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Update: Now WSJ is reporting the same thing, three hours later: that Yahoo (NSDQ: YHOO) and AOL (NYSE: TWX) are in serious advanced talks on combining. Under the plan being discussed, Time Warner would fold its AOL unit into Yahoo and make a cash investment in return for about 20 percent of the combined entity. The deal will value AOL at about $10 billion, without the ISP business. Yahoo would use the Time Warner cash and additional funds to buy back several billion dollars worth of its own stock at a price somewhere in the middle of the range between $30 and $40 a share, the story says.
Original post: Well, with its announcement of a two-week Adsense trial, Yahoo is finally playing a very public hand with Google (NSDQ: GOOG) — thus raising the stakes even across during Microsoft’s (NSDQ: MSFT) three-week deadline. But the real drama is behind scenes where Yahoo is still talking to Time Warner — despite the observers who say any such talks must be fruitless because nothing has happened yet. We do know from sources that Time Warner is very serious now about a deal with Yahoo, and because of Google’s relationship with AOL (5 percent owner) and now this Yahoo test, it could all come together pretty quickly, possibly even next week before the test is over.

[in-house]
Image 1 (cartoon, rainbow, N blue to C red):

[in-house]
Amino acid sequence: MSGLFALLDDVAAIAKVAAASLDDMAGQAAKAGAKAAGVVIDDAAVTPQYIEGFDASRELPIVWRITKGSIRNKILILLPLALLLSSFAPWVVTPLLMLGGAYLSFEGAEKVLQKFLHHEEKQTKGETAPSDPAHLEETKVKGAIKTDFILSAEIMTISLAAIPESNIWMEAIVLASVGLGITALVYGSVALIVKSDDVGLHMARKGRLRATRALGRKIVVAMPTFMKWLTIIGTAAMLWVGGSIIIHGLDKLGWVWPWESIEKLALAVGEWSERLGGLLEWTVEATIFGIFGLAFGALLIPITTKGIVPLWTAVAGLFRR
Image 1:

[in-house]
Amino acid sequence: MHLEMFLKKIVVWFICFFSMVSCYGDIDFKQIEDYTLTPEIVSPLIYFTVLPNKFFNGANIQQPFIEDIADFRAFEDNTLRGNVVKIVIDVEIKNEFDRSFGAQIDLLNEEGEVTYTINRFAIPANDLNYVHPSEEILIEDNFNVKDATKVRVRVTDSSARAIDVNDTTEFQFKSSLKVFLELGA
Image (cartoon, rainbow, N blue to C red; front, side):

If Yahoo can logically show that it gets a 30-40 percent revenue lift on the test, then they have a story to tell — that, if combined with AOL, they have enough scale, cut down costs by outsourcing search and search ads to Google, and add to that a possible share buyback with Time Warner supplying the extra cash, the combination has earned the right to stay independent.
Of course, this could all be shut down in the next five minutes by a Microsoft bid increase to $34-35 a share, instead of its current threats. That still could happen but Redmond’s public response for now is regulatory roulette: it will never happen because Google would have too much of the market.